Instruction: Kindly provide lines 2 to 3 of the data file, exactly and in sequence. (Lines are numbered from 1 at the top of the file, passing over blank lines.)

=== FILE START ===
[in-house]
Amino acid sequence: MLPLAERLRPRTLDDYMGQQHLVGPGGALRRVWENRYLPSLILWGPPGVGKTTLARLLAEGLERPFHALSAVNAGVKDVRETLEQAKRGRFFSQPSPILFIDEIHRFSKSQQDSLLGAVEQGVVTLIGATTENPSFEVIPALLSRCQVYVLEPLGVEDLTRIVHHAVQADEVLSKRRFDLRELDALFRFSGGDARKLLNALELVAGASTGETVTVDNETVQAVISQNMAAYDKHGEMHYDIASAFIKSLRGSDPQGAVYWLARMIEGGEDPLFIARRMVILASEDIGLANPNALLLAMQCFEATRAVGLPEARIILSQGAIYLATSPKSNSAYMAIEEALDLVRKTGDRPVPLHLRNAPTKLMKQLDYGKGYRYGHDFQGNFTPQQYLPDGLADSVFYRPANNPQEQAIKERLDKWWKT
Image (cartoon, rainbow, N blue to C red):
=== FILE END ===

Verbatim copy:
Amino acid sequence: MLPLAERLRPRTLDDYMGQQHLVGPGGALRRVWENRYLPSLILWGPPGVGKTTLARLLAEGLERPFHALSAVNAGVKDVRETLEQAKRGRFFSQPSPILFIDEIHRFSKSQQDSLLGAVEQGVVTLIGATTENPSFEVIPALLSRCQVYVLEPLGVEDLTRIVHHAVQADEVLSKRRFDLRELDALFRFSGGDARKLLNALELVAGASTGETVTVDNETVQAVISQNMAAYDKHGEMHYDIASAFIKSLRGSDPQGAVYWLARMIEGGEDPLFIARRMVILASEDIGLANPNALLLAMQCFEATRAVGLPEARIILSQGAIYLATSPKSNSAYMAIEEALDLVRKTGDRPVPLHLRNAPTKLMKQLDYGKGYRYGHDFQGNFTPQQYLPDGLADSVFYRPANNPQEQAIKERLDKWWKT
Image (cartoon, rainbow, N blue to C red):